Unhindered birth : Birth that is unhindered, instinctive, or natural. Unfortunately the word natural has come to mean pretty much any birth that is vaginal, so for that reason we use the term unhindered birth.
Are you planning an unhindered birth? Wouldn’t it be nice if all you had to do was front up at the hospital and push a baby out? The sad truth is that it just isn’t that simple in 2016. We have incredibly high rates of interventions, including induction and caesarean. Women who want to experience an unhindered birth need to be savvy consumers of maternity care, so here’s a few tips on getting the natural birth YOU want!
DO hire a care provider that you can completely trust. Interview them thoroughly, if there are things you feel nervous to ask then try to find a new provider. You need total open communication with a care provider. Be sure that your definition of natural birth aligns with theirs because it means different things to different people.
DON’T hire the first care provider you talk to, or the one your mother’s work colleague’s sister’s cousin in law used. This is your birth, not theirs and you may have totally different expectations, or your pregnancies could be so different that the style of care provided doesn’t match up to your expectations.
DO research as many venues for birth as you can locate. Call hospitals, birth centres, call midwives who attend homebirths, research research research. You have nothing to lose by researching, and when you make the final decision about venue, you’ll be fully informed and 100% confident with your choice. Remember that giving birth at home is more likely to result in an unhindered birth so if you truly want one, research homebirth as an option. Researching it doesn’t mean you have to hire a midwife and stay home, it simply means that you’re in a good position to make an informed decision about the best venue for your birth.
DON’T walk into the nearest hospital or doctor / midwife’s office and trust that they will provide you with the service you want. Remember that you want service, you don’t want to feel indebted to them, or as if you’re a naughty, childlike inconvenience. It pays to be choosy when picking a care provider and venue for birth. Wanting everything to be of a high standard, and to your personal liking, isn’t fussy.
DO research the sort of birth you want thoroughly. If you want an unhindered birth, you should look at midwifery care – independent midwifery care, not midwifery care under the oversight of a surgeon or hospital. Midwives are the experts on normal birth and they know when to refer you to someone with different expertise.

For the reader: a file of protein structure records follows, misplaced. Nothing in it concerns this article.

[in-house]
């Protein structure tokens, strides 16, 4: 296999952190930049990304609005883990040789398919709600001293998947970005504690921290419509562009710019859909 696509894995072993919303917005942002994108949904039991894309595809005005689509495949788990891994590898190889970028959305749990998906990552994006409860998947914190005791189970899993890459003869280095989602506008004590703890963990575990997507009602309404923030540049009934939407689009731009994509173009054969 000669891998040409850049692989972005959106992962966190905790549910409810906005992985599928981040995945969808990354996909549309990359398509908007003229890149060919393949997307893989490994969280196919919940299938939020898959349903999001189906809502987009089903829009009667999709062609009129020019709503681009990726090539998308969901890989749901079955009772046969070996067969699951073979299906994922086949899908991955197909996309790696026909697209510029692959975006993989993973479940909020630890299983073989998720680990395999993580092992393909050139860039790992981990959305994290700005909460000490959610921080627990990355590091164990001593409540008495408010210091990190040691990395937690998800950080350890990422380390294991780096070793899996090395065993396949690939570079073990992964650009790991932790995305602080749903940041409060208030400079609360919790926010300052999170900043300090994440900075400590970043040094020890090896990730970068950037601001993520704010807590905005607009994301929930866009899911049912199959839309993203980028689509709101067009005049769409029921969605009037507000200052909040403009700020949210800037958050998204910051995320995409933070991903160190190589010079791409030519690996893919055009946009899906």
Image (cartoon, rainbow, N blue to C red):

DON’T just do everything that’s recommended without asking for a thorough explanation of why it’s necessary. Just because something is routine doesn’t make it beneficial, or compulsory.And just because something is recommended doesn’t mean it’s necessary! There’s a big difference between medical necessity and routine. This includes ultrasound scans and other routine pregnancy testing, routine induction, vaginal exams to check dilation, caesareans for the position or size of the baby, repeat caesareans, and many others. Basically you need to research the evidence for every recommendation and determine the difference between what is medically necessary and what is simply protocol, or routine.
DO learn as much as you can possibly learn about birth, how it works, what can hinder the process, what is safe and what isn’t, what you’d like YOUR birth to be like, how you’d like to be supported in labour and anything else you can think of.
DON’T invite anyone into your birth space unless they will support your complete bodily integrity and decisional capacity, no matter what. Unless they think birth is normal and natural, and entirely possible, don’t invite them. Birth is not a spectator sport. You don’t want any negative, nervous, energy in your birth space. Remember that birth space is emotional as well as physical, it’s not just the room you plan on giving birth in, it’s the mental state you take into labour with you.
DO everything you can to support optimal hormone release in labour. Hormones like it when you’re in a warm, dark, quiet place. Hormones help you manage the intensity of labour, they set the pace nicely, and they are also involved with the safety of birth, and bonding afterwards. Hormones can make or break a birth!
DON’T induce or augment with synthetic hormones or other methods unless there is an actual physical reason to interrupt pregnancy or labour. Research what makes it necessary so you have a better chance of identifying protocol versus medical requirement, and ask your care providers whether they are making evidence based recommendations, do they offer this routinely in certain situations, why? What if you choose NOT to augment or induce?
DO be confident saying “no thank-you” to your care provider, and requesting things for yourself as well. Remember you are a customer, they are not your employer, you are theirs! Get the service you want or fire them. Your baby is depending on you to navigate your way through all of this, to give them the very best birth they can have.
Remember that birth doesn’t always go to plan, and that’s why it’s so important to be fully informed about as many options as you can. Planning an unhindered birth isn’t about setting things in stone, it’s about being prepared to change at a moments notice, or stay the course.
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